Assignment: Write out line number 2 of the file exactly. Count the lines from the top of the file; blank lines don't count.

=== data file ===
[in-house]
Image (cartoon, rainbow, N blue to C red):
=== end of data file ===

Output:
Image (cartoon, rainbow, N blue to C red):